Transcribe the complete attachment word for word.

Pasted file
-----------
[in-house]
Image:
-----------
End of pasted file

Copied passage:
[in-house]
Image: